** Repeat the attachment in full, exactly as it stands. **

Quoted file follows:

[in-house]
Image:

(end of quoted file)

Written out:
[in-house]
Image: